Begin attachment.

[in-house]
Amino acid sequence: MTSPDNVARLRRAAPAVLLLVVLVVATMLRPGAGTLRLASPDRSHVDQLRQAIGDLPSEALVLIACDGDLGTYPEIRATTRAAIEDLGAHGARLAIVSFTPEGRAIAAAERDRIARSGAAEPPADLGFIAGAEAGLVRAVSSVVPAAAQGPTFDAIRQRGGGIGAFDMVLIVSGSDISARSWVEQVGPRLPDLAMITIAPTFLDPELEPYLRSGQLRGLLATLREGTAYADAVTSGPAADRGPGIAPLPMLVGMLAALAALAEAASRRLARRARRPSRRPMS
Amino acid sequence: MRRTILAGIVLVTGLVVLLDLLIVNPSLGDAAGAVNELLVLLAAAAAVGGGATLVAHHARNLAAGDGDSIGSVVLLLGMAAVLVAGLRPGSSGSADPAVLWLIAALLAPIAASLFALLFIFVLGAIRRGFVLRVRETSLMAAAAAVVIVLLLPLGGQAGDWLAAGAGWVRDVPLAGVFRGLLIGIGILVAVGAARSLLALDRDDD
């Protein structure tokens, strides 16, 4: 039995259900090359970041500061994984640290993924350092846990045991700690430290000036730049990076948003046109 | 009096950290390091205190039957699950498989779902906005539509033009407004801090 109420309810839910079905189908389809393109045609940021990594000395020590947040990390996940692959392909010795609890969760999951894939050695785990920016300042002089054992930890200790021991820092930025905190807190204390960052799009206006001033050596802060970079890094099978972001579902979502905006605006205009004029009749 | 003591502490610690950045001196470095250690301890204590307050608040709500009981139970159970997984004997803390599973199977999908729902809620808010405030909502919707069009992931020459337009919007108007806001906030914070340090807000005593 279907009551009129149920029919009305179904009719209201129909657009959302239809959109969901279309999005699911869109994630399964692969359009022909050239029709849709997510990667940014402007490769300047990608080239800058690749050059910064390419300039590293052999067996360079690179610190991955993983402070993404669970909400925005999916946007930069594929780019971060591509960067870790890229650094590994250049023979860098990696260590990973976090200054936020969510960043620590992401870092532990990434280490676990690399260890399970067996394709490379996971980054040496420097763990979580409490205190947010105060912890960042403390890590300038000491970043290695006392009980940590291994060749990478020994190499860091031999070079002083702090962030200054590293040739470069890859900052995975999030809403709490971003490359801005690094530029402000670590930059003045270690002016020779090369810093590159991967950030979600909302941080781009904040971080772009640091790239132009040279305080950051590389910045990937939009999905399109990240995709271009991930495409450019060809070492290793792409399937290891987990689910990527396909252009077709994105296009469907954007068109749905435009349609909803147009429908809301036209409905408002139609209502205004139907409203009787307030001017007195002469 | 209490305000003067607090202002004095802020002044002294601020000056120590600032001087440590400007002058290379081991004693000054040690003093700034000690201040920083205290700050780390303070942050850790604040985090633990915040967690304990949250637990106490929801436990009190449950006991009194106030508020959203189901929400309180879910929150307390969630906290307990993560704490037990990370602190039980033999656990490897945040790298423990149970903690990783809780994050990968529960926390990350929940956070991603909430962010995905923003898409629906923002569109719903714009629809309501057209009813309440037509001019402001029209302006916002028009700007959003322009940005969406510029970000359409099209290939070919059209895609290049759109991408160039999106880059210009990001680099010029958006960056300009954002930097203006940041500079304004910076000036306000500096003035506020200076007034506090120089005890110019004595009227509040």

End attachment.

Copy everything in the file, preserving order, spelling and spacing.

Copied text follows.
[in-house]
Amino acid sequence: MTSPDNVARLRRAAPAVLLLVVLVVATMLRPGAGTLRLASPDRSHVDQLRQAIGDLPSEALVLIACDGDLGTYPEIRATTRAAIEDLGAHGARLAIVSFTPEGRAIAAAERDRIARSGAAEPPADLGFIAGAEAGLVRAVSSVVPAAAQGPTFDAIRQRGGGIGAFDMVLIVSGSDISARSWVEQVGPRLPDLAMITIAPTFLDPELEPYLRSGQLRGLLATLREGTAYADAVTSGPAADRGPGIAPLPMLVGMLAALAALAEAASRRLARRARRPSRRPMS
Amino acid sequence: MRRTILAGIVLVTGLVVLLDLLIVNPSLGDAAGAVNELLVLLAAAAAVGGGATLVAHHARNLAAGDGDSIGSVVLLLGMAAVLVAGLRPGSSGSADPAVLWLIAALLAPIAASLFALLFIFVLGAIRRGFVLRVRETSLMAAAAAVVIVLLLPLGGQAGDWLAAGAGWVRDVPLAGVFRGLLIGIGILVAVGAARSLLALDRDDD
């Protein structure tokens, strides 16, 4: 039995259900090359970041500061994984640290993924350092846990045991700690430290000036730049990076948003046109 | 009096950290390091205190039957699950498989779902906005539509033009407004801090 109420309810839910079905189908389809393109045609940021990594000395020590947040990390996940692959392909010795609890969760999951894939050695785990920016300042002089054992930890200790021991820092930025905190807190204390960052799009206006001033050596802060970079890094099978972001579902979502905006605006205009004029009749 | 003591502490610690950045001196470095250690301890204590307050608040709500009981139970159970997984004997803390599973199977999908729902809620808010405030909502919707069009992931020459337009919007108007806001906030914070340090807000005593 279907009551009129149920029919009305179904009719209201129909657009959302239809959109969901279309999005699911869109994630399964692969359009022909050239029709849709997510990667940014402007490769300047990608080239800058690749050059910064390419300039590293052999067996360079690179610190991955993983402070993404669970909400925005999916946007930069594929780019971060591509960067870790890229650094590994250049023979860098990696260590990973976090200054936020969510960043620590992401870092532990990434280490676990690399260890399970067996394709490379996971980054040496420097763990979580409490205190947010105060912890960042403390890590300038000491970043290695006392009980940590291994060749990478020994190499860091031999070079002083702090962030200054590293040739470069890859900052995975999030809403709490971003490359801005690094530029402000670590930059003045270690002016020779090369810093590159991967950030979600909302941080781009904040971080772009640091790239132009040279305080950051590389910045990937939009999905399109990240995709271009991930495409450019060809070492290793792409399937290891987990689910990527396909252009077709994105296009469907954007068109749905435009349609909803147009429908809301036209409905408002139609209502205004139907409203009787307030001017007195002469 | 209490305000003067607090202002004095802020002044002294601020000056120590600032001087440590400007002058290379081991004693000054040690003093700034000690201040920083205290700050780390303070942050850790604040985090633990915040967690304990949250637990106490929801436990009190449950006991009194106030508020959203189901929400309180879910929150307390969630906290307990993560704490037990990370602190039980033999656990490897945040790298423990149970903690990783809780994050990968529960926390990350929940956070991603909430962010995905923003898409629906923002569109719903714009629809309501057209009813309440037509001019402001029209302006916002028009700007959003322009940005969406510029970000359409099209290939070919059209895609290049759109991408160039999106880059210009990001680099010029958006960056300009954002930097203006940041500079304004910076000036306000500096003035506020200076007034506090120089005890110019004595009227509040």